– Business Development \’e2\’80\ldblquote this is the player who looks at your system less as a creative outlet and more as an economy \’e2\’80\ldblquote one that they want to take as their own. These are the players who don\’e2\’80\’99t want to make things so much as run their own storefront. These players need the tools to buy and sell, advertise, and build a steady clientele. Eve has the best of breed tools here; with a dizzying array of commodity trading, price tracking and factory management. Star Wars Galaxies also has (or had, I\’e2\’80\’99m not sure how much the NGE ditched of this, if any) the ability for players to turn a rich player housing model into storefronts that can be almost infinitely customizable.

– Social Whittling
\’e2\’80\ldblquote sometimes you just want to do something mindless, and crafting in most games is as low stress as they come. Communities will arise around crafting centers; you\’e2\’80\’99ll see the same folks on a regular basis, compete with them in a friendly manner for the odd walk-in business, and get to know each other over whatever global chat channels exist. It\’e2\’80\’99s really hard to mess up this requirement \’e2\’80\ldblquote just, make some central location that crafters need to gather at, a channel to talk in and a few other social tools.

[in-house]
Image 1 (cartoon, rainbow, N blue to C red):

So, in my opinion, a competent crafting system will meet all these needs \’e2\’80\ldblquote customization/creativity, player matching/business development, and social spaces/whittling. That\’e2\’80\’99s the basic requirements.

Now, what will destroy these systems?